AFX is a superficial fibrohistiocytic tumor that presents on the head and neck of elderly patients and is usually a pink or red, solitary, firm, asymptomatic papule or nodule.2,3 Histologically, AFX reveals a dermal proliferation of spindle and epithelioid cells with (often marked) pleomorphism, bizarre mitotic figures, and multinucleated cells.3 There are many variants of AFX, including spindle cell nonpleomorphic, clear cell, osteoclastic, and granular cell.3 Cutaneous squamous cell carcinoma (SCC) has a very diverse range of clinical and pathological subtypes including, but not limited to, acantholytic poorly differentiated and spindle cell.4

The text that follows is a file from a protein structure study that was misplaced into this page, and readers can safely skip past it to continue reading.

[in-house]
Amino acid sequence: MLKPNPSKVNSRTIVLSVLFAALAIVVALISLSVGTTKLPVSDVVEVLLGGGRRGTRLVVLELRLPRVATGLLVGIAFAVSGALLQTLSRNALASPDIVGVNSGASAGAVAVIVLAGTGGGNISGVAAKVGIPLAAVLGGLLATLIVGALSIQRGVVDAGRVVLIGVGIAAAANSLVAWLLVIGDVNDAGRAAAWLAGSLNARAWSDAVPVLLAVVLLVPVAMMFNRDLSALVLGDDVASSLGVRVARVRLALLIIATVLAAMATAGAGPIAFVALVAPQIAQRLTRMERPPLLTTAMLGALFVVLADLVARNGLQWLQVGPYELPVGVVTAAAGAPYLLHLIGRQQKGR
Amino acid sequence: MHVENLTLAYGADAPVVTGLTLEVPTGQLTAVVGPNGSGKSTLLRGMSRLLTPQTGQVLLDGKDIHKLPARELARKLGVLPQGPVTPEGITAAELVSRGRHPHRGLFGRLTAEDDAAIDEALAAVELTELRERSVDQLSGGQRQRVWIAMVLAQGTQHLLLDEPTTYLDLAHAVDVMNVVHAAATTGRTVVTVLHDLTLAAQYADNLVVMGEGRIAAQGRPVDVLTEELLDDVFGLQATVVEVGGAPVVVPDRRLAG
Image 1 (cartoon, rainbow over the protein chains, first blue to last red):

A patient with a forehead lesion containing both an SCCis arising within the wall of a trichilemmal cyst and surrounding AFX has been previously reported.1 AFX and SCC occurring together on the conjunctiva5 and face6 of patients with xeroderma pigmentosum have also been reported. It is not surprising to observe a collision of SCCis (or SCC) and AFX because both tumors occur in photoexposed skin.7 In the present case, full thickness epidermal atypia was observed immediately overlying undifferentiated pleomorphic dermal cells, making it necessary to exclude invasive poorly differentiated SCC arising from SCCis by staining with antibodies to pankeratin. Furthermore, because keratinocytes in spindle8 and poorly differentiated7 SCC may lose expression of low molecular weight keratin, we used antibodies to HMWK (34BetaE12) to exclude poorly differentiated SCC. Finally, strong and diffuse labeling of pleomorphic dermal cells with antibodies to CD10 confirmed the diagnosis of AFX.9
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